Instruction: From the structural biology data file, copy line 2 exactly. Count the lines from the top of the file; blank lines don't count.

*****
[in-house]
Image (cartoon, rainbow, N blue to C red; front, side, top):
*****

Image (cartoon, rainbow, N blue to C red; front, side, top):